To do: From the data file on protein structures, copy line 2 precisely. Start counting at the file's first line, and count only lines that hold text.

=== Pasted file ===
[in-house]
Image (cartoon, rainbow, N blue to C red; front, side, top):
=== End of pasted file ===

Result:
Image (cartoon, rainbow, N blue to C red; front, side, top):